To try and balance the two sides, the administration is considering limiting the number of immigrants who come to the United States for cultural exchanges — generally those hired for summer jobs at amusement parks, camps and resorts — as well as students attending U.S. colleges hired for temporary employment, according to four people, including an administration official and Republican Capitol Hill staffer involved with the discussions. It is also looking at cutting visas for skilled workers in specialty occupations and seasonal workers who work in industries that include landscaping, housekeeping and construction industries, they say.
Together, more than a 1 million immigrants annually collectively receive those visas — about 70 percent of all guest workers in the United States, according to the Economic Policy Institute.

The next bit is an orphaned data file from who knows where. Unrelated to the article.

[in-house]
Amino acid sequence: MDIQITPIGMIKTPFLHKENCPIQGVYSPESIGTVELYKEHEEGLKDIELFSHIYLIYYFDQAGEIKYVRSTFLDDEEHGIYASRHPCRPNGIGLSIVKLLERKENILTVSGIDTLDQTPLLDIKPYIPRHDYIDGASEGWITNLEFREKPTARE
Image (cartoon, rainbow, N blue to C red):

Trump is still weighing even broader restrictions, though, that would bar all categories of guest workers except those who work on farms, according to a senior DHS official. But a White House official said all decisions, including immigration, are being viewed through the lens of reopening the country, making it extremely unlikely Trump take such a sweeping step and anger business leaders.
“They’re worrying about the wrong political fallout,” complained Mark Krikorian, who serves as executive director of the Center for Immigration Studies and favors the broadest restrictions.
Trump is expected to sign his second order this week, according to the four people. But they caution that Jared Kushner, Trump’s son-in-law and senior adviser, could help lead a push to scale back the directive. It was Kushner who convinced the president in an Oval Office meeting in April to carve out business-friendly exceptions for the hundreds of thousands of temporary workers, according to two people familiar with the meeting.